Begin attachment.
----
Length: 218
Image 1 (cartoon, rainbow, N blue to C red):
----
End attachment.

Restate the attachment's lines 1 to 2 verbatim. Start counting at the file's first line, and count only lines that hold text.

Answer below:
Length: 218
Image 1 (cartoon, rainbow, N blue to C red):